This essay uses the book“ The Immortal Life of Henrietta Lacks” by Rebecca Skloot to investigate the requirements of informed consent ,by informing the patients through every steps Henrietta’s story is an example on informed consent. On one hand theorists such as, Dale Keigner argue that informed consent should be notified by the doctor to the patient and the patient should be knowledge on the proceeding that the doctors will maintain. On the other hand , Lewis Soloman contends that the doctors should be able to take any specimens from the patient after operating without consent for scientific reasons and research. . He also asserted that doctors should be able to deduct any specimen that will be able to help in the science research. Others maintain
The story “The Use of Force” is told in the point of view of a doctor. The doctor is trying
According to Skloot doctors practiced “benevolent deception” this allowed for doctors to deny the patients fundamental information about their health, some doctors would withhold diagnosis from patients all together (Skloot, 2010, p.63). The doctors justified this type of practice
At times, doctors have to choose between the preservation and honor of a patient's dignity or to break ethical guidelines to help the human races’ health. A doctor who puts his patients’ well-being as his priority, usually respects the patient’s wishes. However, many factors influence a person’s decision to conduct an unethical experiment. In the contemporary biography, The Immortal Life of Henrietta Lacks, Rebecca Skloot shows that scientists constantly discover and develop new concepts and procedures that help heal numerous people, despite the unethical experiments that they conduct on living organisms.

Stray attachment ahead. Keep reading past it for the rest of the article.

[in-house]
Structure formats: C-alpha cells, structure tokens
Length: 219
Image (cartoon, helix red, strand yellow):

The themes in the novel tell a complete story of life, science, and the science of life. “It was very dehumanizing to be thought of as Mo, to be thought of as Mo in the medical records: ‘Saw Mo today.’ ” (Skloot 201). This animal like referral to patients then demonstrates just how far medical ethics has come. It also proves that these dehumanizing tactics are a major theme in the story.
This shows exactly how doctors can behave and how it doesn’t hurt to be more aware of their actions . This also comes back to consent, because if Henrietta Lacks had given consent and understood exactly what she was giving consent for there would be no book written about her . Henrietta Lacks would have still died but at least the life changing trait she had that the
Very relevant topic raised by the author. For example, I was always afraid of since the childhood of doctors and all doctors. It seemed to me always that the doctors can do only hurts. And if he is a psychopath hidden and especially the surgeon! What can be more dangerous than such combinations.
In the case of Henrietta Lacks and her family, the mistreatment of doctors and lack of informed consent defined nearly 60 years of the family’s history. Henrietta Lacks and her children had little to no information about serious medical procedures and the use of Henrietta’s cells in research. Henrietta’s cells launched a multibillion-dollar industry without her consent and doctors even took advantage of her children’s lack of education to continue their research without questions: “[Doctor] did not explain why he was having someone draw blood from Deborah… he wrote a phone number and told her to use it for making more appointments to give more blood” (188). Deborah did not have the knowledge to understand the demands or requests the doctors made of her, and the doctors did not inform her explicitly.